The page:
You never change things by fighting the existing reality. To change something, build a new model that makes the existing model obsolete.

Buckminster Fuller

Things that are unimportant have distracted most of us humans; we watch TV, engage in Facebook, shop and amuse ourselves with trivialities. With the melt down of our economy we have been faced with the fear of loosing our jobs, our homes and our future. But there is an even greater threat facing all of us and it is coming at us “like a speeding bullet.” Economic development, population growth, expanding consumption and environmental destruction are upsetting the balance between humans and the earth’s natural systems. This is not a spectator sport. You are engaged in the process whether you choose to participate or not. I have great hope as we approach the precipice of global catastrophe that humanity can make a shift to a new life affirming relationship to the earth community. But, it will take a complete transformation in the way we view our place in the world and our relationship to Mother Earth. We are not above nature, we are an integral part of a system that will survive with or without us.

In the next blog I will talk Property Rights vs. Rights of Nature. Stay tuned. It is amazingly chaotic here in Rio and everything takes 5 times longer than you expect.



Filed under Uncategorized

Rio Day 1-2: Arriving

Arriving in Rio

Twenty-four hours, three airplanes, stopping in Houston and Panama City before arriving in Rio, a city of 6.3 million people, at 4am. From the airplane the city looked like a series of interconnected islands of sparkling jewels inviting me to the party. On the ground it was a whole different story. The young man seated next to me said, “Wait till you see it in the daytime.” Humm…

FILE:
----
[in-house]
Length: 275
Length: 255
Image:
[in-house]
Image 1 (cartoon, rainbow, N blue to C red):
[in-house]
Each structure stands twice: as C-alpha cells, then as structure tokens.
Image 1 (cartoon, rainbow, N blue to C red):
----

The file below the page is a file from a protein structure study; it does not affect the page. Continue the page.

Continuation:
Caught a cab, easy to get at that time in the morning, and headed into the city center to find the apartment I will be staying in for the next two weeks. After some searching in the growing traffic we found where I was staying and I met my enthusiastic host Jeff and two students from Germany who were also staying there. After spending several hours searching for a place to change money from dollars to Reals (interesting name for a currency) I went across town to meet my colleague, Robin Milam and begin our journey to the Rio Centro, where the UN conference is being held. We were told that it would take about an hour to get there, but were not warned about traffic.